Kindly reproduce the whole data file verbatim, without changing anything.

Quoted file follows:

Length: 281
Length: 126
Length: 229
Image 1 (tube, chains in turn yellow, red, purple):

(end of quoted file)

Length: 281
Length: 126
Length: 229
Image 1 (tube, chains in turn yellow, red, purple):